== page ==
Just when the rest of the world has decided to stay home and wear a face mask I’m in the middle of a travel binge – back from India and now off to Bangladesh for the Dhaka Art Summit. The upside is that it’s suddenly easier to get a good seat on an international flight. The downside is the spooky sensation of seeing everyone at Hong Kong airport wearing a face mask. There’s no points for being the only non-conformist, so I’m carrying one as well.
Without wanting to tempt fate, I can’t help thinking the global panic induced by the coronavirus is getting out of hand. It’s the unknown factors that are making everyone tense: the origins of the virus, the alleged two-week incubation period, the ease of infection. The illness may be no more virulent than any other flu but it’s put the planet on red alert. Alas, there’s no mask that offers protection from the Stupidity virus that has already engulfed most countries.
There was scarcely a face mask in sight at the India Art Fair in New Delhi, which is the subject of this week’s art column. This is somewhat ironic because Delhi’s air quality alone should have the entire population in masks.
As a proudly provincial event the IAF provides an excellent overview of the Indian contemporary art scene – and there’s a lot to see. Although there were few works that commanded the really big prices the uber galleries exact in the major fairs, sales seemed to be healthy, with collectors coming from all over the world. An influx of private money which has funded new museums and foundations, is transforming the Indian cultural landscape. The more I saw, the more people I met, I felt as if I were watching a wave that had not yet begun to break.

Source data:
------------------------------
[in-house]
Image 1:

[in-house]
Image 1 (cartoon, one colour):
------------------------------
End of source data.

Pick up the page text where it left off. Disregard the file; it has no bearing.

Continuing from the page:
The movie being reviewed this week is a sombre affair. Terrence Malick’s A Hidden Life may be one of the more gruelling experiences you’ll have at the cinema this year but it’s a film of quality. If I’m not entirely convinced of its overrarching profundity that’s because it seems to strive so self-consciously towards this state. One almost expects alerts to pop up on screen: “Grandeur of Nature # 3”, “Deep Conversation about the Meaning of Life # 5”. Malick gives us plenty of time to ponder his intentions as the movie is almost three hours long, but feels much longer.
A Hidden Life is a film about standing up for one’s convictions in the face of manifest evil and injustice. It’s not exactly a popular position nowadays, although we love to pay homage to those poor suckers who stuck to their guns in the past. When the dust has settled on our own era one wonders who will stand out as a hero of conscience. Benevolent Pope Francis? Cranky Greta Thunberg? Not many of today’s politicians will make the cut.